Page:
Home-Blayney Shire Council-Logo

Barking Dogs

Barking is a natural behaviour of dogs and is one way that they communicate.  However, Council understands that in some cases barking dogs may become a wider community issue particularly when a number of neighbours are complaining about the same barking dog or dogs.

If a barking dog is affecting you, Council advises that you should take the following action/s to help resolve the issue. 

  • Make contact with your neighbour/owner of the dog directly to discuss your concerns.

    The owner of the barking dog may not realise their dog is bothering you or others in the neighbourhood.  The owner may be happy to work with you to resolve the issue.  Discussions with the dog’s owner in the first instance and advising them of when barking is a problem could help them to find the best way to address the issue.

  • Contact the Community Justice Centre (CJC)

    After having discussed the matter with the dog’s owner and bringing the problem to their attention, if the barking persists, then you can contact the Community Justice Centre (CJC).  The CJC provides a free mediation service funded by the NSW State Government to help the community resolve issues/disputes without going to court and has a very high success rate.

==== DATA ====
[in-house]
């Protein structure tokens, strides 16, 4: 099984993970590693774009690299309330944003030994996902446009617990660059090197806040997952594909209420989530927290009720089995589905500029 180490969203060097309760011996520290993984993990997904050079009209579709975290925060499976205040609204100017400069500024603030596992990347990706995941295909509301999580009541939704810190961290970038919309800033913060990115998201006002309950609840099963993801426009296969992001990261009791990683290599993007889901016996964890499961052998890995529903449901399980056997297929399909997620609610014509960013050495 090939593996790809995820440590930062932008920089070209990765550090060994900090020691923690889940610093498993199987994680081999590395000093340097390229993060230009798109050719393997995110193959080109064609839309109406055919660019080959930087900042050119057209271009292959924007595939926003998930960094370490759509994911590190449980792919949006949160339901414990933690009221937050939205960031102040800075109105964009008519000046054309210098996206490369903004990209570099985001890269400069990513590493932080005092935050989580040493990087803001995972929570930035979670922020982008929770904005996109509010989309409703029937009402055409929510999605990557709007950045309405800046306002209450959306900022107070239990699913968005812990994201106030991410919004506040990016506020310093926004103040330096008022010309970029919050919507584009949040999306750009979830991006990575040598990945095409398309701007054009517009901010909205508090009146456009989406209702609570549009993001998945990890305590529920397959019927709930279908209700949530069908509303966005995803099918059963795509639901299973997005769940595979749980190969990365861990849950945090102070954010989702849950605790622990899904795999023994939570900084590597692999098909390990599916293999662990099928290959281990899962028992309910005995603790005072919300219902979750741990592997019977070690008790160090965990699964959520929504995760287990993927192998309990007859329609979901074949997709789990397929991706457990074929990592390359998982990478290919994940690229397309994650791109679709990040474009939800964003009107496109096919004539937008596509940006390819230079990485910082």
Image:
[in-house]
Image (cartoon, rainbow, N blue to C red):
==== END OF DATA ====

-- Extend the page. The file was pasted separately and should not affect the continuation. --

The Community Justice Centre can be contacted on 1800 990 777,

    or visit their website at: cjc.justice.nsw.gov.au

    If you have no success in the mediation process using the CJC, the CJC will provide you with documentation that can then be used to apply for a Noise Abatement Order or delivered to Council Rangers for Investigation.

  • Request a Noise Abatement Order

    You can apply to the Local Court for a Noise Abatement Order.  If the court is satisfied that the dog is causing offensive noise, or that the noise is likely to recur, it may order the owner of the dog to stop the noise within a specified time or prevent a recurrence. A sample of an application for a Noise abatement Order may be found at https://www.lawaccess.nsw.gov.au/Pages/representing/Noise/Forms/S_noise_abatement_order.aspx

  • Contact Council addressing the matter

If all the avenues of dispute resolution have failed, you can contact Council.  This includes asking for all documentation from the Community Justice Centre dispute resolution process, details of all parties involved and written statements from more than one neighbour affected by the barking dog. Council will then investigate the matter and inform all parties of the relevant outcome. In determining whether it can take action Council will need to be satisfied on the evidence that the noise from barking persistently occurs or continues to such a degree or extent that it unreasonably interferes with the peace, comfort or convenience of any person.  Council may also need to be satisfied that the barking represents a wider public nuisance affecting a number of residents and is not a private dispute between two parties.   

Last modified: 10 Mar 2023